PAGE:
The Hidden Truth About Creativity

“Choose a job that you love and you’ll never work a day in your life.” I think we’ve all heard that before. But, I think it’s bullshit. I love cooking, owning restaurants, and working with people every day. But, it’s very difficult at times. It’s long hours standing on your feet, doing repetitive tasks. It’s late nights and early mornings. It’s being behind the scenes. And, it’s a thankless job sometimes. But, it’s something that I truly love. It’s something that brings me happiness every day and it’s a happiness that I can share.

—Hari Cameron, chef1


Many popular articles make creative endeavors seem easy if you follow the recipe for their special sauce. Creative endeavors can be fun, but creating things that have the power to change is not easy.

Too often the playful mindset that is helpful for creation becomes fully conflated with childlike play. There are similarities, but the goal is often different: in business there is usually something that needs to be achieved; with children the playful act itself is the end goal.

Creating something of high value that lasts longer than the meme you saw on your Facebook wall this morning is hard.

Nobody has influenced the modern culinary landscape more than Ferran Adria: his restaurant elBulli was regularly ranked as the best in the world; he created new cooking techniques; he changed what modern chefs thought they were capable of and what they were allowed to do in the kitchen. His influence is felt in kitchens throughout the world today.

Even for a genius like Ferran Adria, the creative act—especially at the level that can become a game changer—is not easy. Speaking at the MAD Symposium in 2012, Adria told the audience:

Creativity is hard. To do it at the highest levels—if you decide to do it—it’s not a game. Creativity doesn’t have compassion. Those of you who are here and are creative, it has no compassion for you if you dedicate yourself to it at the highest level. If you want to play at this level—at Noma’s level, at elBulli’s level—there’s gonna be no compassion for you. And, it doesn’t matter how much passion you have for it.2

Creative solutions aren’t things that come easily. But, an easy, sudden solution is often the myth we perpetuate in business. Kevin Ashton, the inventor of the term Internet of Things, writes about this myth:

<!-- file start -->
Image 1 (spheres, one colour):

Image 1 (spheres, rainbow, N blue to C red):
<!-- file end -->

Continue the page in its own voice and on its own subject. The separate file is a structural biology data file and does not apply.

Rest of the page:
Businesses are built by magic touch. Something is not, then is. We do not see the road from nothing to new, and maybe we do not want to. Artistry must be misty magic, not sweat and grind. It dulls the luster to think that every elegant equation,  beautiful painting,  and brilliant machine is born of effort and error, the progeny of false starts and failures, and that each maker is as flawed, small, and mortal as the rest of us. It is seductive to conclude that great innovation is delivered to us by miracle via genius. And so the myth.3

Sometimes innovations seem to come suddenly, but the solution is the result of hard work that came before it.

Being able to create new things of value is a lifestyle choice. It’s not much different than staying in shape: it requires dedication, perseverance, and routine. You have to want it enough to persevere through the hard work.

And, it’s passion that makes you persevere. But, passion isn’t all fun and games. It’s the innate willingness—it can’t be forced—to do what it takes to produce excellence. Daniel Humm—the chef of Eleven Madison Park, which is currently ranked the best in the world on the popular World’s 50 Best list—expressed the inherently difficult nature of passion better than anyone else I’ve seen in his profile in Esquire. Jeff Gordiner, the author of the article, writes:

As we finish our meal at I Sodi, Humm tells me that he’s got a passion for food, a passion for cooking, and I barely pay attention to this, at first, because it seems like a generic thing to say. Then he puts down a glass of wine and explains that when he uses the word passion, he’s referring to a German word: leidenschaft. Break down the word and it means something more along the lines of “enjoy suffering.”

“That would be my translation,” he says. “Passion is not something pleasant. Are you willing to suffer for this? That’s when you have passion. Otherwise, it’s a hobby. Passion is not a hobby.”4

True creativity comes from true passion. Finding out what your truly care about is a key to developing game-changing creative output.

When you do discover your passion, here are 10 tips to help you turn it into a creative lifestyle.

And, when the going gets tough, remember: even the world’s greatest geniuses never found it to be easy.


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